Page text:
Upcycling Poultry Feathers with (Nano)cellulose: Sustainable Composites Derived from Nonwoven Whole Feather Preforms

Victoria Vilchez, Elena Dieckmann, Tekla Tammelin, Christopher Cheeseman, Koon-Yang Lee (Corresponding Author)

Research output: Contribution to journalArticleScientificpeer-review

10 Citations (Scopus)


Poultry feathers are low cost, abundant bioderived materials that are often regarded as waste. In this work, we report a simple method akin to papermaking to upcycle whole poultry feather waste into nonwoven whole feather preforms. This was achieved by utilizing (nano)cellulose fibers, namely, wood pulp and nanocellulose, as binders. It was found that the hornification between adjacent (nano)cellulose fibers trapped and held the whole poultry feathers together, producing a rigid and robust nonwoven whole feather preform. The preforms containing nanocellulose were found to perform better mechanically, with a tensile strength of up to 1.6 N mm-1 (at 20 wt % nanocellulose content), compared to preforms containing wood pulp. Feather-gelatin composites containing 23 and 47 wt % nonwoven whole feather preform loadings were also successfully manufactured. The resulting composites possessed a tensile modulus and strength up to 2.1 GPa and 18 MPa, respectively. This work also shows that the feather-gelatin composites could be easily deconstructed in hot water. The produced nonwoven whole feather preforms, as well as their feather-gelatin composites, could serve as a sustainable alternative for various semistructural applications, in line with the concept of a circular bioeconomy.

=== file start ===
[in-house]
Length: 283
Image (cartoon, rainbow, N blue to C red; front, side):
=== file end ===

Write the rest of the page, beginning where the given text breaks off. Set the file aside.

Original languageEnglish
Pages (from-to)14263–14267
JournalACS Sustainable Chemistry & Engineering
Issue number38
Publication statusPublished - 28 Sept 2020
MoE publication typeA1 Journal article-refereed


  • cellulose microfibrils
  • wood pulp
  • recycling
  • waste feathers
  • resources efficiency


Dive into the research topics of 'Upcycling Poultry Feathers with (Nano)cellulose: Sustainable Composites Derived from Nonwoven Whole Feather Preforms'. Together they form a unique fingerprint.

Cite this